By Amy McCarthy
By Scott Reitz
By Scott Reitz
By Lauren Drewes Daniels
By Alice Laussade
By City of Ate
With the devotchka gone to fetch our food, we set about to viddy the space. The banquettes are long plushy with the backs covered in blue shag. Chairs are white vinyl things with backs high. Walls flash the same moloko white and nooks are dressed in gossamer curtains. Above the door is a half circle of monitors, flashing flip computer images and suchlike.
Then on the rooftop is this horrorshow fountain with water pouring and flame spouting, and all sorts of cozy seats and wood plank floors and pots with plants. But the food, O my brothers, was not much to get your mozg juiced about, but some could be smartish. Vegetable sushi rolls ($8) were hard and dry, but there was this flip tangle of tasty fried noodles that made good on the old yabzick. But the pickled ginger had a strack taste, like it was soaked in something used to clean the vaysay.
Prosciutto and fresh basil ($6) was a bit of ultra-violence dancing on a slice of pineapple, the good kind tasting not bad for a milkbar. Meat wrapping the green leaf and a ricotta cheese blob were stabbed with long toothpicks arranged willy-nilly on that pineapple like a skolliwoll of fish.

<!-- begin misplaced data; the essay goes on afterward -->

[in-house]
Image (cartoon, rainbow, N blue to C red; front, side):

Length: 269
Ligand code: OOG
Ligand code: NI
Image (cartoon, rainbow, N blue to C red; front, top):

But to get a couple of razzes on your full innocent stomach, my brothers, nibble on the tapas plate ($6). Vegetables -- cukes, tomatoes, olives, a little onion -- is freshly good and all in sammy portions. Plus, the hummus, babaganoush, and tabbouleh are smooth and fresh and not at all baddiwad. Chicken quesadillas ($6) were a real horrorshow, chewy and tasty and moist, making a nice warm vibraty feeling grumbling all through your guttiwuts.
Flock to milkbar, droogs, and viddy all the sharps and sharies and groodies and malchicks in high fashion as they filly in all of their horrorshow glory. You can do this, O my brothers, while feeding your rot and your Gulliver with jeezny. And for not a lot of pretty polly, you'll get cured all right.
(Editor's note: In case you didn't get it, Korova Milkbar was a night spot serving narcotic laced milk in the Anthony Burgess novel -- and 1971 Stanley Kubrick film -- A Clockwork Orange. If you couldn't decipher the Burgess-inspired slang, then go to Milkbar, blow your rassoodocks, and read it again.)